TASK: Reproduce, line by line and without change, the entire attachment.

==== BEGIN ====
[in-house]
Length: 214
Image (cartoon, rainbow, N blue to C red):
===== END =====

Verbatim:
[in-house]
Length: 214
Image (cartoon, rainbow, N blue to C red):